• In New York and New Jersey, work continues on raising the Bayonne Bridge’s clearance from 151 feet to 211 feet. The Port Authority reports that vehicles will begin using the new upper roadway deck by mid-2017 with larger ships being able to pass under the bridge by late 2017. Additionally, a $2.1 billion project to dredge the harbor to 50 feet was completed last month. Capacity and efficiency gains will also be made from a $1.6 million grant from MARAD to improve the Port’s barge program and to create the first-of-its-kind New York Harbor Crane Operators Training Center.

I am going to turn now to the regulatory oversight matters currently before the Federal Maritime Commission.

THE Alliance

The Commission is currently reviewing an agreement styled as THE Alliance, consisting of Hapag-Lloyd, “K” Line, MOL, NYK and Yang Ming. I have serious concerns with proposed language in the agreement related to the joint contracting and purchasing power. As a commissioner, a main concern during the review process is that ocean carrier alliances could hurt domestic businesses by using their collective power to jointly negotiate and jointly procure services from suppliers like tug operators, barge services, bunker fuel suppliers, chassis providers, container equipment lessors, feeder services and/or marine terminal and stevedoring services.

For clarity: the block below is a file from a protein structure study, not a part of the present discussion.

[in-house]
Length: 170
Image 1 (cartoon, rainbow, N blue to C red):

Concerns about joint contracting have also been raised by industry groups and the Department of Justice’s Antitrust Division.